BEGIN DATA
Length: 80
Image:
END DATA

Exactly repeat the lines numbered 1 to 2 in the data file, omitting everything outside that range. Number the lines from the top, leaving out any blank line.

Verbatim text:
Length: 80
Image: